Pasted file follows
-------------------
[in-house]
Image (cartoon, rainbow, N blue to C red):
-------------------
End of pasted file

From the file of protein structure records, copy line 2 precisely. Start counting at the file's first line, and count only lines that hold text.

Image (cartoon, rainbow, N blue to C red):